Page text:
Music Review: Lovestorm - Free To Love

It's always interesting to watch the development of a group which is full of ideas and ready to follow the muse where it takes them. That's certainly the story of Albert County's Lovestorm, as unique a duo that's ever come out of the province. They started as a couple, who were also a couple of musicians: Tim Isaac, the cellist from the folk blues duo Isaac and Blewett, and Nina Khosla, the bass player in the pop band Great Balancing Act. Wanting to create something new together, their 2009 debut as Lovestorm, Great Ocean, surprised everyone who heard it. Khosla is the main vocalist and lyricist, and plays keyboards, while Isaac brought not just his cello, but also started programming loops, sounds and percussion. The theme of the group was just as bold: they sang life-affirming, love-affirming lyrics, both intimate and personal, and about the broader world, with a connection to the environment, nature and the senses. It was as positive as could be.

cover.jpgNow they are three albums into the project, with the new Free To Love. The pair has really honed their sound, and lyrics as well. The song productions are bigger, with the electronic and percussion elements now the major component of each. Well, that and the cello, and that's what makes them unique. This is orchestral, electro pop music, the keys, beats and loops as cool as any European techno group, but with the added interest of that cello providing such beautiful lines on top, mostly playing great fills, answering the vocals and melody. Vocally, Khosla has become more daring, a little tougher than what she's done in the past, finding more energy. There are fewer atmospheric songs here, and more electronic, with dance grooves. Khosla picks up on that, and gets more adventurous and upbeat. I think these are all improvements, this album is their most cohesive, and pulls off a tricky move. It's put the duo closer to the techno-pop scene, fitting them in, but at the same time they've retained their individuality, with the cello as main instrument, and the positive force in the lyrics a concept that stands out.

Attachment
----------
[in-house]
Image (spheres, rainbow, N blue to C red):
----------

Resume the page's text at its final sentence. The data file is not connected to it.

Now as for the words, this is also the best set of the three albums. In the past, I've picked on the lyrics as possibly over-the-top in sincerity and simplistic in delivery, like a Sesame Street song and lesson. The message is still the same, love one another, love yourself, respect each other and the planet, but the writing is more mature, more poetic and in-depth. I'm all for that. I think the life lessons still come out, and you pay more attention. Both Khosla and Isaac have really stepped up to the plate.

Lovestorm are about to launch the new disc with a series of shows in the province. It starts off next Tuesday night, June 18, at Taco Pica in Saint John. Next Wednesday they'll be at Sunbury Shores in St. Andrews. Thursday the 20th it's Fredericton's Cedar Tree Cafe, and on Saturday June 22nd, they'll be in Moncton, at the Empress Theatre for the the final CD release show.

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About Bob Mersereau

Rockin' BobBob Mersereau has been covering music, and the East Coast Music Scene since 1985 for CBC. He's a veteran scene-maker at the ECMA's, knows where the best shows and right parties are happening, and more importantly, has survived to tell the tales. His weekly East Coast music column is heard on Shift on Radio 1 in New Brunswick each Wednesday at 4'45. He's also the author of two national best-selling books, The Top 100 Canadian Albums (2007) and The Top 100 Canadian Singles (2010).

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